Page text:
How to Make PA Pickleback Pulled Pork Sliders

Not sure what a pickleback is? Ask any barfly or party animal and they should be able to explain: It’s a drink special that involves a shot of whiskey followed by a shot of pickle juice. If it sounds a bit odd, just think about it — people often chase boozy shots with something to help ease the bite and quell the burn of the spirit. The salty, vinegar-tang of pickle brine is a bizarrely perfect counterpoint to the intensity of hooch. In Russia, vodka is often paired with pickles, and in Mexico, tequila is sometimes served with a side of pickle brine. Though there is some conflicting info as to where the drink took hold in the U.S., the term “pickleback” for a whiskey/pickle juice combo is credited to bartender Reggie Cunningham at Bushwick Country Club in Williamsburg, Brooklyn. In 2006, he was introduced to the pairing by a customer from the American South, and came up with the pairing of Old Crow bourbon and brine from McClure’s spicy pickle spears. In the the decade since, picklebacks have spread in popularity, and in bars and pubs across the world, you’ll find some variation of the pickleback.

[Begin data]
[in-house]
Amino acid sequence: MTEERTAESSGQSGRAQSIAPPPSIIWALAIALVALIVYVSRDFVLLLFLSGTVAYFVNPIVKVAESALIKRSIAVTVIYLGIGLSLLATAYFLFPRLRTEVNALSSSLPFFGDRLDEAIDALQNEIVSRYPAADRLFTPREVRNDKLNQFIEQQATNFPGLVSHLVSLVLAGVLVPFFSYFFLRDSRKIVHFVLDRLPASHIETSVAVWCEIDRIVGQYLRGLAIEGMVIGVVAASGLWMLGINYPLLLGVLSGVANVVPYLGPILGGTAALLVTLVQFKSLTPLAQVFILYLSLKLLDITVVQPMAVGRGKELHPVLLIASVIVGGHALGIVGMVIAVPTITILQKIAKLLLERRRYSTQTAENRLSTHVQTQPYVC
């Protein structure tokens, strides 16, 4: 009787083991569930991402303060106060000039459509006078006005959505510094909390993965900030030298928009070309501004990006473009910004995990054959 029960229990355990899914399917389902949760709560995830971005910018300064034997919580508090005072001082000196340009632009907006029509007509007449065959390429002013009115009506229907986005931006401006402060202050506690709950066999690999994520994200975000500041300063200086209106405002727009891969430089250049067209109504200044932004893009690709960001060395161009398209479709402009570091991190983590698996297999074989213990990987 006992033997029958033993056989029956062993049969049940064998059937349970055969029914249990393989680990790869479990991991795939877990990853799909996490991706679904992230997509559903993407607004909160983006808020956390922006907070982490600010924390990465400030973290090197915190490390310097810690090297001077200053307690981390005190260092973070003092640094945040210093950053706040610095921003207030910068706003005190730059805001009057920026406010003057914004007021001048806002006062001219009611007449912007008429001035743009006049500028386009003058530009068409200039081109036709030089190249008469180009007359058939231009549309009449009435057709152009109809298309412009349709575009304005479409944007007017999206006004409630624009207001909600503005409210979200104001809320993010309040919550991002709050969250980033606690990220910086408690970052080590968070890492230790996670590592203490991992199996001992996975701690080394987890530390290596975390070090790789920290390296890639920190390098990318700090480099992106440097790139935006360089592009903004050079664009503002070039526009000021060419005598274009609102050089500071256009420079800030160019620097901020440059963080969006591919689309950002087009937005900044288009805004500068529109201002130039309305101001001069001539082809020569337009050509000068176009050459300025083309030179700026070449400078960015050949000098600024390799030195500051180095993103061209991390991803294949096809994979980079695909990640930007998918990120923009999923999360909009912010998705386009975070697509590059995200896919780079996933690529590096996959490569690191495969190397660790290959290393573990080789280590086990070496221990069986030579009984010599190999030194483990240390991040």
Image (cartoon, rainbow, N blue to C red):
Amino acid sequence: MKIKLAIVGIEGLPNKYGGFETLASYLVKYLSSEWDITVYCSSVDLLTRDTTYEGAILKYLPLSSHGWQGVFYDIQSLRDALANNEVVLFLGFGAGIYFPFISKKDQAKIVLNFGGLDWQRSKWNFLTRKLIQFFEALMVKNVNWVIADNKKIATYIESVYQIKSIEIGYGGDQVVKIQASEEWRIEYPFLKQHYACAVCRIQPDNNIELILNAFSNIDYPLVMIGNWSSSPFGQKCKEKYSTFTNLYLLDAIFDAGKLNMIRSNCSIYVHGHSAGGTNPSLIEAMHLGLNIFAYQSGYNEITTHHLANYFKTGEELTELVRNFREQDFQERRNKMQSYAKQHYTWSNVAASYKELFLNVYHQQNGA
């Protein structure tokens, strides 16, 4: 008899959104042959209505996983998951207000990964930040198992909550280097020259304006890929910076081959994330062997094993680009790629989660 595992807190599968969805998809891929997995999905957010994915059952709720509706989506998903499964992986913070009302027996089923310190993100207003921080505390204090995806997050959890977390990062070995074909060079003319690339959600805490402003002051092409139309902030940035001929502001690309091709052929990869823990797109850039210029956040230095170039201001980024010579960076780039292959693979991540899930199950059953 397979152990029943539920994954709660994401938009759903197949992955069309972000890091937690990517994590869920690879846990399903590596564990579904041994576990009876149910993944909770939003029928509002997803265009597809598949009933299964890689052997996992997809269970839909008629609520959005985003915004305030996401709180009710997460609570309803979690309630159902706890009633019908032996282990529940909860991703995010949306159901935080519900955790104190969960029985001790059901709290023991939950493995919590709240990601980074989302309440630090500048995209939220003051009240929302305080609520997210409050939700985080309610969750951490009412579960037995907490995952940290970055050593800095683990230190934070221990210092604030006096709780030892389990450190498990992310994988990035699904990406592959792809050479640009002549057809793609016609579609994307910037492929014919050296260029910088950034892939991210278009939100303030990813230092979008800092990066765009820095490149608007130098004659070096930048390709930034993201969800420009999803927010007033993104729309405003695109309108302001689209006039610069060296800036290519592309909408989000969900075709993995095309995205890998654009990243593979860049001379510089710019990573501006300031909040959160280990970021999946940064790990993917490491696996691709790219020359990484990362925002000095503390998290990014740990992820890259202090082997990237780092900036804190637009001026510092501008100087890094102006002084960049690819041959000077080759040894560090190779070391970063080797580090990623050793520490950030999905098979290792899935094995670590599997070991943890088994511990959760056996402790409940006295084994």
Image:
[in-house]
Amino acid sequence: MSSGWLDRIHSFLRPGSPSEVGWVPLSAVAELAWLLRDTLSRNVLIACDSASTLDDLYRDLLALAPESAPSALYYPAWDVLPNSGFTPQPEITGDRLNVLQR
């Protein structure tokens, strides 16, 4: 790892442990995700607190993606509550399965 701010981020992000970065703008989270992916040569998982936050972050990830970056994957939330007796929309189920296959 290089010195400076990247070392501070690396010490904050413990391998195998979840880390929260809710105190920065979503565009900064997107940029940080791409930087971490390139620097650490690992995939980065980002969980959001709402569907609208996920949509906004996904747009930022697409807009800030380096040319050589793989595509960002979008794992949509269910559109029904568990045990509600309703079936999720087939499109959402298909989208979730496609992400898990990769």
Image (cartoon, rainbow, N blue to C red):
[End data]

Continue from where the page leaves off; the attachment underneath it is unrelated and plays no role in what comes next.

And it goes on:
We took that flavor combo and added it to a recipe for pulled pork sliders, to make a superbly satisfying snack, fit for any party spread or tailgate. Visit your butcher or farmers market to pick up some PA pork butt and be sure to grab a jar of local artisan pickles (Brine Street Picklery‘s artisan pickles are some of our favorites) and a bottle of PA whiskey. There are so many great distilleries in Pennsylvania: Red Brick Craft Distillery, Manatawny Still Works, Wigle Whiskey, Stoll & Wolfe … just to name a few! After the pork butt has spent a nice long time in the slow cooker with the whiskey and pickle juice, place the shreds on a Martin’s Potato Slider Rolls (topped with extra pickles) for a delicious, PA-proud sandwich!

Check out our video for the technique, then head to our recipe to try making pickleback pulled pork sliders at home!